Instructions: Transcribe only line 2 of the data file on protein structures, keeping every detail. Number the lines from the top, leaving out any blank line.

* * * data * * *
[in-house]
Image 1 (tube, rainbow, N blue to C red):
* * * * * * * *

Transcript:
Image 1 (tube, rainbow, N blue to C red):